Ogilvy has named Yashica Olden worldwide executive director for diversity and inclusion, starting April 15. She will be responsible for expanding the agency’s diversity and inclusion efforts globally.
Olden has worked and lived in the U.S., U.K., Germany, Italy and Sudan, and she’s implemented diversity and inclusion initiatives in more than 50 countries across Africa, Asia, Europe, the Middle East, North America and South America. The agency said this makes her the ideal candidate to globally expand the programs it has established around those issues in the U.S. The programs will be adapted to meet each individual region’s needs.
Most recently, Olden was the global inclusion lead for London-based insurance company Aviva. There, she persuaded senior executives to expand their global inclusion targets to include race and ethnicity. Prior to that, Olden was the first head of diversity and inclusion for the United Nations World Food Program, where she oversaw the establishment of the U.N.’s first women’s leadership development program. She’s also led diversity and inclusion efforts for Barclays Capital and Credit Suisse, among others.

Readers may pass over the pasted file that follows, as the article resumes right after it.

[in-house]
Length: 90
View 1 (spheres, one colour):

Olden will report directly to Donna Pedro, Ogilvy worldwide chief diversity and inclusion officer and executive partner. (read more)
Johnson Publishing Company, the historic African-American media powerhouse responsible for the start of Ebony and Jet magazines, has filed for bankruptcy.
The company sold Ebony and Jet three years ago to a private equity firm, so Tuesday’s filing for Chapter 7 bankruptcy liquidation will not affect the publications, the Chicago Sun Times reports.
However, the company plans to sell the rest of its assets, which include Fashion Fair Cosmetics.
As the Wall Street Journal reports, the decision to liquidate:
… came after failing to restructure, obtain alternative financing or find a buyer, Johnson Publishing said in a news release.
“This decision was not easy, nor should it have been,” the company added in announcing the move, the Sun Times reports. “Johnson Publishing Company is an iconic part of American and African-American history since our founding in 1942, and the company’s impact on society cannot be overstated.” (read more)